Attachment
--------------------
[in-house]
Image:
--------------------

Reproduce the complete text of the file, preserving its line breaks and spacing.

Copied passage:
[in-house]
Image: